Zappos Paying Employees To Quit; Recognizing That Customer Service Isn't A Cost Center
from the fascinating dept
Let me admit upfront that when Zappos first came along, I didn’t think much of it. The founder had done amazingly well for himself in selling LinkExchange to Microsoft during the bubble years, and had then started a incubator called Venture Frogs — with (I kid you not) a corresponding restaurant (also called Venture Frogs). The restaurant wasn’t bad, even if all the dishes were named after dot com companies. I remember eating there (I think I got the CNET Curried Chicken) one day and seeing huge signs all over the restaurant for Zappos — an online shoe store. This was pretty much near the bottom of the downswing after the dot com bubble had burst, so it was quite surprising to see someone opening up a pure e-commerce startup, especially one in a category that had failed miserably in the past. E-commerce for shoes seemed exceptionally difficult, due to the fact that shoe sales (even more than other clothing) really depend on the unique fit of each item. However, over the years, Zappos overcame all of the concerns by lowering the barriers (super fast free shipping and free returns on anything that you don’t like) and an almost maniacal focus on customer service. In doing so, it’s built up a hugely loyal set of customers — including me.
Of course, to do that right, it’s meant treating customer service not as a “cost center,” like almost all companies these days, but as an integral part of making happy, committed customers who also act as evangelists. A good company recognizes that customer service isn’t a cost center at all, but the best way to build a loyal customer base and to learn from your customers as well. Of course, in order to do that, you need to have a loyal, committed customer service staff as well — and Zappos has done some unique things there that are worth understanding. It doesn’t do many of the typical call center things: no scripts, no time limits on calls and no limits on what the customer service reps can do to make customers happy. But, in a post on a Harvard Business blog, it’s explained that Zappos also offers to pay each new employee $1,000 to quit, one month after they’ve joined. Basically, it’s offering any employee who’s not truly committed to the way the company does business an easy “out” after one month. Thus, those who stick around are even more committed to living up to the service ideals the company has set. It’s nice to see in an era where “good customer service” seems so rare.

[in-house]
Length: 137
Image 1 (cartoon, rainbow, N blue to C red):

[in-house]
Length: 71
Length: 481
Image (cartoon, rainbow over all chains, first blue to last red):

Apparently about 10% of folks take the money and scram. While traditional HR metrics might think this is terrible, as the cost of recruiting, hiring and training new employees is quite high, the long term benefits of having a more strongly committed staff cannot be overstated. Basically, the company has realized that a little cost upfront can help it make a lot more on the backend.